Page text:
American restaurant operators have arguably never faced such uncertain times as now. After coping with a once in a generation pandemic, most have struggled to adjust to the post-COVID period of inflation, unsettled supply chains and most of all, a shrunken pool of human resources.
While labor shortages themselves are nothing new, the current competition for workers is particularly fierce, and its daily impact on operations is palpable. The National Restaurant Association observed steady job growth after the huge losses of 2020, but things noticeably slowed in August, and many markets have still not recovered from the closures of more than 100,000 restaurants during the pandemic.
The winning recipe for success in this industry takes adaptability and openness.
A number of operators have had to reduce hours or operating days due to a lack of available staff. Others worry they cannot compete with eye-catching incentives offered by competitors, like full or partial college tuition or hefty sign-on bonuses. With all this in mind, the idea of attracting new talent, much less retaining existing workforces, can seem daunting. Finding solutions starts with taking stock of a few key areas, and it’s important for restaurants to be frank about conditions within their control that are feeding the current situation.
Perception plays a significant role. Right or wrong, would-be employees perceive restaurants as potentially stressful environments in which to work. And median wages throughout most of the U.S. are not livable ones. However, raising wages and incentives alone are akin to simply placing a Band-aid on an open wound. Instead, there are several actions that restaurants can take to change this paradigm. The three biggest measures are embracing technology, reimagining the employer-employee relationship as a personnel development model, and looking at restaurant culture with fresh eyes.
First, while technological solutions are not a cure-all, they can give restaurants significant relief for various operational pressures they face. The latest digital tools generate improvements in team communication, staff scheduling and shifts, and compliance with health and safety regulations.
For time-pressed establishments, implementing and managing more advanced technological systems are likely better to be outsourced to experienced providers. All this is, of course, dependent on a restaurant’s ability to budget for these investments. For maximum cost-effectiveness, technological tools should be adopted with specific goals and in mind, and not with the expectation that overlaying it onto existing operations will magically fix issues.
Second, a purely skills-based employment model should give way to a more holistic approach that emphasizes workers as an investment in human capital, whose skills are continuously developed and refined. This approach is closely interconnected with a sense of ownership and belonging at work, all of which can sustain the restaurant environment at a time of operational pressures. Indeed, a Michigan State-University of Minnesota study of nearly 1,000 workers concluded that a sense of psychological “ownership” on the part of employees was positively associated with stronger attitudes and work behavior, as well as increased performance.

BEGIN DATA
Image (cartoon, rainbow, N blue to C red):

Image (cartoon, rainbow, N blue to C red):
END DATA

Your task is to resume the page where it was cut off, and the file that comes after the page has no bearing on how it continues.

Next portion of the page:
Conditions, benefits and culture must all answer the question, 'Why should someone work here?'
With the labor market’s current fluidity in mind, employee exit interviews are a good way to take the pulse of workers’ feelings about and relationship with your restaurant. Implement these interviews, and take the findings to heart, even if some cause discomfort. What resonates the most in what departing workers say? When the feedback is less than positive, what changes can be enacted to prevent others from having similarly dissatisfying experiences?
The third and final approach is to perform a culture check to ensure all spaces of the restaurant are ones of collaboration and fairness. Disagreements can and will happen, and restaurants can be stressful places no matter how strong the culture is. But a healthy workplace is one where dialogue between employees, as well as the employee and manager, is open and respect-based, and where people treat one another with understanding and empathy.
Competitive pay levels are only one component of culture. Manageable hourly shifts and adequate breaks are another. A “right to disconnect” should mean work is left at work unless an emergency arises. And restaurants should encourage their employees to embrace healthy and active lifestyles. If operators want their employees to stop viewing their jobs as a transaction, then they must look in the mirror and ask themselves if they are transactional in how they are treating their employees.
The winning recipe for success in this industry takes adaptability and openness. While there are no quick-fixes when it comes to staffing challenges, restaurant operators can position themselves for future periods of disruption and external shifts by embracing an experience-based operational model. All operators, large and small, will need to leverage their unique culture as a differentiator.
To set themselves apart, operators must demonstrate to current and prospective employees how the culture of the organization will translate to a fulfilling experience. In short, conditions, benefits and culture must all answer the question, “Why should someone work here?”